Getting Your Thoughts into Words – Part 2


With freewriting, you start writing without quite knowing where your content will end up.  You write as fast as possible to uncover new ideas.

The process usually works like this:

  1. Use a mindmap to record your ideas as fast as possible
  2. Find the essence of your content
  3. Revise your content to build on your learning objective
  4. Edit sentence by sentence

I use mindmapping as the key to plan a writing for learning experience.

The Knitter’s Method

While the carpenter works from the big framework towards the completed job, the free spirit just starts and sees where her piece of content will end up.  The free spirit often does a lot of revising to create focus and flow.

Both carpenters and free spirits tend to leave editing last.  They first get the content right before polishing each word.

The knitter is different, she makes each part of the content perfect before moving on.

As Mark McGuinness (Mark McGuinness | Creative Coach ( ) writes           

                “One of the sacred cows of the creative thinking industry is that we should separate idea generation, execution, and evaluation so that they don’t interfere with each other.  But my experience as a writer and coach suggests that this isn’t how many creative professionals work.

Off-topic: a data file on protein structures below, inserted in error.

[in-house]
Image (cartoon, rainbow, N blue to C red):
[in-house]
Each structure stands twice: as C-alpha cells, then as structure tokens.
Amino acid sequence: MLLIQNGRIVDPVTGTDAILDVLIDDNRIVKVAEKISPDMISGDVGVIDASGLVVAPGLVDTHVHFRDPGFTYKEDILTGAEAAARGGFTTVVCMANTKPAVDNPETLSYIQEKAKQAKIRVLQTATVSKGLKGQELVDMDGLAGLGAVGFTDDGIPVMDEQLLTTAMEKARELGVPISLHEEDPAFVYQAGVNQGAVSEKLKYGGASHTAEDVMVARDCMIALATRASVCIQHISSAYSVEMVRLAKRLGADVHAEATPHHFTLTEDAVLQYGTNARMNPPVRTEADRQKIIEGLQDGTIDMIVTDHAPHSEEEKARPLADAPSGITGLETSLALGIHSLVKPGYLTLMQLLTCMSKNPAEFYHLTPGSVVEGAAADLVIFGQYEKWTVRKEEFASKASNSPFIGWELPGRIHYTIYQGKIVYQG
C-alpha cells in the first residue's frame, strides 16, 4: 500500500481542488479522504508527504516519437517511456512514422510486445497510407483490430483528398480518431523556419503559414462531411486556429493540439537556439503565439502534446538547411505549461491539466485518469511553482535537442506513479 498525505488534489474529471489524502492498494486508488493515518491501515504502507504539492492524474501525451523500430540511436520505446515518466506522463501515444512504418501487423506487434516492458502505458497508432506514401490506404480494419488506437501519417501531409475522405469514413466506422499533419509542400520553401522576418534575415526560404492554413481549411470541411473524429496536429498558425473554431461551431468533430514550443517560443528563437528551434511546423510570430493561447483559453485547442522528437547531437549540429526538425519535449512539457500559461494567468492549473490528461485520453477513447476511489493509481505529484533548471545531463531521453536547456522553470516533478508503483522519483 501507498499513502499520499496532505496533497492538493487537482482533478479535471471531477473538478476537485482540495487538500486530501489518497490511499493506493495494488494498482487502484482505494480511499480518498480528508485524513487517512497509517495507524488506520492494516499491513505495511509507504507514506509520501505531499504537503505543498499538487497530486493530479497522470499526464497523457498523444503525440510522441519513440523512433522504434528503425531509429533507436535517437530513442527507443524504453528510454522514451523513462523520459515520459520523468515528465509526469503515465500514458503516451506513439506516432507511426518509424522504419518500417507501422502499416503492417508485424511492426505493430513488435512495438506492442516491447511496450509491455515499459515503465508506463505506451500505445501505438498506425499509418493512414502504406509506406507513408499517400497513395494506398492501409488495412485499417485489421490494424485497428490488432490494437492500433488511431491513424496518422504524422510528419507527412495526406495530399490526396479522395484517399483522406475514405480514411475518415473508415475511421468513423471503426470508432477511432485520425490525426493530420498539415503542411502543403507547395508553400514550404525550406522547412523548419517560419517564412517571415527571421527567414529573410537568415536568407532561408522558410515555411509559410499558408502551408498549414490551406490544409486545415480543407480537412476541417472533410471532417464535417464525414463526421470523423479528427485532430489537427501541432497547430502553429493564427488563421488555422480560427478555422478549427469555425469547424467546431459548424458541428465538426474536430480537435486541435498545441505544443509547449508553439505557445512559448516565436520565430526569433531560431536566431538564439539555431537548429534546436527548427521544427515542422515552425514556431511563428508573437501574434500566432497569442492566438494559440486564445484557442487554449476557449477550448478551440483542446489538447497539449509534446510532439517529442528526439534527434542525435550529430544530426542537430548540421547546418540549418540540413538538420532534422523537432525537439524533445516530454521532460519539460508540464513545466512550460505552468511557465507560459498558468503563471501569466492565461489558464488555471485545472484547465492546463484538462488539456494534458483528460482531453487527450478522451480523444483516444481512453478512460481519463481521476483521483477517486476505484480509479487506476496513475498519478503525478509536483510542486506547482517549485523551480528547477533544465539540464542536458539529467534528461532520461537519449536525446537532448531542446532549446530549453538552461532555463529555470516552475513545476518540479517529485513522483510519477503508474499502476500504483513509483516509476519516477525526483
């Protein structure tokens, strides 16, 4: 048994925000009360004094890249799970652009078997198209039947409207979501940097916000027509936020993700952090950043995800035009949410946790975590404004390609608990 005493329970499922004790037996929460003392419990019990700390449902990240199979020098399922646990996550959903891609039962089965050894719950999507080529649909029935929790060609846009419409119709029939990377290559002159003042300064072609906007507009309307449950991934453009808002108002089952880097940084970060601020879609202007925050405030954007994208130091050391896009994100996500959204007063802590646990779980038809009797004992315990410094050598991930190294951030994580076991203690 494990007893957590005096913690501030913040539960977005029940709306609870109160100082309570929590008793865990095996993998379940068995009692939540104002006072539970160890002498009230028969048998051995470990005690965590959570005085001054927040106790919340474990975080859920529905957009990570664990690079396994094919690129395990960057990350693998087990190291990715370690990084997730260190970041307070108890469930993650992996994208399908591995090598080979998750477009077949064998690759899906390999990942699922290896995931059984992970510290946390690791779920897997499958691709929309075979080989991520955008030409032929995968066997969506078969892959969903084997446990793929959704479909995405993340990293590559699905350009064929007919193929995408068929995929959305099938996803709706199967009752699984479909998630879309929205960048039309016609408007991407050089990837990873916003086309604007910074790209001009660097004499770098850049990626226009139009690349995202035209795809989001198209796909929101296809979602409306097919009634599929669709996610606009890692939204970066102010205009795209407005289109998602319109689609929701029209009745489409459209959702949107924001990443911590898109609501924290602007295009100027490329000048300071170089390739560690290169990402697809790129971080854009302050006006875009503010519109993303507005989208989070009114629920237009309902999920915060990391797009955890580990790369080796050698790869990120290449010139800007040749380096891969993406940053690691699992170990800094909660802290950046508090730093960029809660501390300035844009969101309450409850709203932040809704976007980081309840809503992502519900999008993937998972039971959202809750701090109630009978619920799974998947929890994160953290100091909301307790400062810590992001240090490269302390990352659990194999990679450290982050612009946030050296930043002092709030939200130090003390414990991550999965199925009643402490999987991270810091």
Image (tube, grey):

When I’m writing, I’m reading, evaluating and tweaking as I go.  I’ll write a few sentences then pause and go back to read them through.  Sometimes it’s immediately obvious I havent quite captured the thought or image, so I’ll make a few changes before I go on.  If I get stuck, I’ll stop and read through the whole piece, trying to pick up the thread of inspiriation where I lost it.  Once I see where I got tangled up, it’s a relief to untangle it and get going again.”

Experienced writers thrive on the Knitting Method.  But for beginning writers the risk is spending a lot of time knitting perfect paragraphs that may later need to be cut.  The process may feel more organic and creative, but it can take longer, too.

So what’s the best way to write?

No perfect writing strategy exists.

And most of us mix our stragies depending on what we are writing for, how the writing goes, and perhaps even depending on our mood.  Sometimes you may find yourself mixing all methods for writing one piece of content.

What’s important is to pay attention to what works for you.  When do you get in a flow?  What triggers this flow?  Can you repeat it next time?

Making a Modlette… if you can think it, you can do it

Recent Posts